Faculty of Engineering

Dr Miquel Gimeno-Fabra's staff spotlight

Dr Miquel Gimeno-Fabra is a researcher at The University of Nottingham. Starting his career as a chemist, Miquel naturally drifted to engineering as it was an area he had always been passionate about. He comments, “As a child I was always drawn to Lego and putting things together…moving to engineering seemed like the right decision, especially as some of the most successful research is interdisciplinary”. Once a PhD student studying the continuous synthesis of nano-materials, Miquel is now a researcher within the Faculty of Engineering, a Research Fellow in the Centre for Innovative Manufacturing in Medical Devices (MeDe) and is also involved in several other projects.

One of his most recent challenges has been working with the Power Electronics, Machines and Control Research Group (PEMC) on their electric superbike.

After a successful 2014 season racing an electric motorbike donated by Agni Motors, PEMC decided to buy a more powerful motor for 2015. With concerns over what modifications the old frame would need to accommodate the new motor, they reached out to colleagues within the faculty for somebody to help.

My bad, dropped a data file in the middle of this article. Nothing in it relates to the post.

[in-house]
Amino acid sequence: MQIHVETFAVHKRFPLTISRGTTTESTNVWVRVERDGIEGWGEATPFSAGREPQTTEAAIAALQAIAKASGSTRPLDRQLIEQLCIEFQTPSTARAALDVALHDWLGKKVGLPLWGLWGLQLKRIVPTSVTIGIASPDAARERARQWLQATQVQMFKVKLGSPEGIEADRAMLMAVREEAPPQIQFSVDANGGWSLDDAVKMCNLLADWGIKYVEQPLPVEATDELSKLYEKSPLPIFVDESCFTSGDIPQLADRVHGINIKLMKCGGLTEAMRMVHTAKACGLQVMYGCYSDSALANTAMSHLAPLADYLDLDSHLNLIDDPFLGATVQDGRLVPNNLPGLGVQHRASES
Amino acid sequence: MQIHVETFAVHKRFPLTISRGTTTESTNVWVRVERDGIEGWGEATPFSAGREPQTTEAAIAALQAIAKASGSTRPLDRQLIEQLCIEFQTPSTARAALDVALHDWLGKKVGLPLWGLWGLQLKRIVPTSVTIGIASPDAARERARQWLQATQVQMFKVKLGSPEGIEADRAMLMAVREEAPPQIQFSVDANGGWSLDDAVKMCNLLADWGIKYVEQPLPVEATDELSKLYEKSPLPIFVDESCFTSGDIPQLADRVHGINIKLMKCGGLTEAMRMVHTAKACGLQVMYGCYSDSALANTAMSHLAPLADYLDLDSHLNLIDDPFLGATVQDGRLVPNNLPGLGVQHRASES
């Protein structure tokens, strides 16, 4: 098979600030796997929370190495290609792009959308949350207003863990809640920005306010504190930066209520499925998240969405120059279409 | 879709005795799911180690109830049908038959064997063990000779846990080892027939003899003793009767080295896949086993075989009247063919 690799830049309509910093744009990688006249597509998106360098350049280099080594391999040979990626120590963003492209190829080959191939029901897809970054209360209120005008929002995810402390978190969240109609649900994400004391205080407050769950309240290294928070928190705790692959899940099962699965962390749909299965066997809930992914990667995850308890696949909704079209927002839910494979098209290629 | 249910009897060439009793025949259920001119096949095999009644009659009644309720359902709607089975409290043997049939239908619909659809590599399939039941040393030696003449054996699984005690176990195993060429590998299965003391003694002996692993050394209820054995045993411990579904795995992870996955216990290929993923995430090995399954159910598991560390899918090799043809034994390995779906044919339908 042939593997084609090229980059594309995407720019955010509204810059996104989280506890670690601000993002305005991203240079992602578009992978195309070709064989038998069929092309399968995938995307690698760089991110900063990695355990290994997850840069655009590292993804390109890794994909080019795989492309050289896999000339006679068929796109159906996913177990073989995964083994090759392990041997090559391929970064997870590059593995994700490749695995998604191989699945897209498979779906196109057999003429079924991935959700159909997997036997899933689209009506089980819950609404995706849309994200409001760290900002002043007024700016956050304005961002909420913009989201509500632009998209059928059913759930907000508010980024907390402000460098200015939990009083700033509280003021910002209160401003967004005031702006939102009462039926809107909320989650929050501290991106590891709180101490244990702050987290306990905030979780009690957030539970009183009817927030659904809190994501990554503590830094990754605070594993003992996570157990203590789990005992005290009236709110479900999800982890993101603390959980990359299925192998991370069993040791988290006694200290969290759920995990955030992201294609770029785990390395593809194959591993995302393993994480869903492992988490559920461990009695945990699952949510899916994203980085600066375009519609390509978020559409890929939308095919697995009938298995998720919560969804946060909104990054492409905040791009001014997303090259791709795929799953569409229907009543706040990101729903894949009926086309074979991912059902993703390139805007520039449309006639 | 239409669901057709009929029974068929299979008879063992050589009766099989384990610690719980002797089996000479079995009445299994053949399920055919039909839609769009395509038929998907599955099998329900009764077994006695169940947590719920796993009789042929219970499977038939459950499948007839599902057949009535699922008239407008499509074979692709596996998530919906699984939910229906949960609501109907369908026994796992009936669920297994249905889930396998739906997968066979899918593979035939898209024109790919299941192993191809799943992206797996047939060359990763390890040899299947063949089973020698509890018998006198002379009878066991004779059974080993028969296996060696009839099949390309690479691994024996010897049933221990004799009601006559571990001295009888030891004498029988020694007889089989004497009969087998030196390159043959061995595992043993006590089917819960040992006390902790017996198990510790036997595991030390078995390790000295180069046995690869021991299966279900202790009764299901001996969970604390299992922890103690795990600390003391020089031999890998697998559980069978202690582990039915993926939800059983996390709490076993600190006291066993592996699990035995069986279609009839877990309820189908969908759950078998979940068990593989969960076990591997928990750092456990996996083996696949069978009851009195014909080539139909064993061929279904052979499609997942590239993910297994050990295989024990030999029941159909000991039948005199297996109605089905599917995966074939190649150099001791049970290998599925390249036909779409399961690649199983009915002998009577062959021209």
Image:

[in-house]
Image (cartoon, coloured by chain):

Upon joining the team, Miquel's role expanded to start from scratch the mechanical design of the new bike. His main responsibilities involved making sure the bike was mechanically finished on time. He sourced the correct gear for such a high spec bike, made contact with racing suppliers and companies who could deliver, and his efforts paid off as the team made it to the start line.

Miquel also takes care of all the mechanics of the bike and as modifications continue, he will be making sure the frame and additional components are all to the best specification.

When asked about the highlight of the electric motorbike project, Miquel recalls a nail biting rush to get the bike finished before their first qualification at the Isle of Man TT.

“Thirty minutes before our first qualification we realised that all the batteries (which is mainly 70% of the bike) had to come to bits to be wrapped in a different material. We ended up taking the whole bike to pieces amazingly quick, doing what had to be done and “firing up” the bike for the first time 20 minutes into the qualification session. The spectacle of seeing us working at such pace was so high that a crowd formed around us, filming and cheering. After the session, some locals brought us food and drinks; at that point we kind of became the people’s team.”

The electric motorbike continues to perform well in races. You can keep up to date with the team by liking their Facebook page or reading their blog

Posted on Tuesday 1st September 2015

Faculty of Engineering

The University of Nottingham
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Nottingham, NG7 2RD

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